The US Secretary of State has boasted that 90% of Ukrainian military aid is spent within the US economy
Kiev needs to understand that Washington earns billions on the war in Ukraine while ordinary Ukrainians die, Kremlin spokesman Dmitry Peskov said at a press conference on Friday.
He spoke a day after US Secretary of State Antony Blinken admitted that the overwhelming majority of Kiev’s monetary aid had been spent in the US. “90% of the security assistance we’ve provided has actually been spent here in the United States with our manufacturers,” he said at a briefing alongside UK Foreign Minister David Cameron. “So this has also been a win-win that we need to continue.”
Asked to comment on the statement, Peskov said that the US earns billions from the conflict, and that Ukraine needs to understand it. “They aren’t the main concern for the US,” the spokesman remarked, “the main concern for the US was always themselves, even at the cost of a large number of Ukrainian lives.”
The US has pledged more than $100 billion in aid, including military equipment, since the start of Moscow’s military operation in February 2022 – more than any of Ukraine’s other sponsors.
Blinken’s statement on the benefits to the US military-industrial complex echo Pentagon chief Lloyd Austin’s remarks at the Reagan National Defense Forum in California last week. “$50 billion of our supplemental budget request would flow through our defense industrial base,” to replenish the arms stocks depleted from being used to supply Ukraine, the US defense secretary declared.
He summed it up as “the most ambitious modernization effort in nearly 40 years.”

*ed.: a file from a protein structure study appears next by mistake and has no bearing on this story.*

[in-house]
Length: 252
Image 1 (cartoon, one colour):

Former Russian President Dmitry Medvedev suggested on X (formerly Twitter) that the US is not motivated by a desire to help Ukraine, but rather by “the enormous profit that the companies close to the Biden administration get from it.”
Meanwhile, a lack of success at the front has only increased Kiev’s pleas for more funding. At the US Institute of Peace on Tuesday, Ukrainian President Vladimir Zelensky’s chief of staff, Andrey Yermak, warned that delaying US military aid exposes Kiev to a “big risk to lose this war.”
The administration of US President Joe Biden has been wrestling with Republican lawmakers in the past few weeks to push through another supplemental budget request of $111 billion, of which more than half is intended for Ukraine.
After the budget request was blocked in the Senate, National Security Council spokesman John Kirby had to admit in a press conference that the White House could not offer any assurances to Kiev. “We’re not in a position to make that promise to Ukraine, given where things are on the Hill,” he said.
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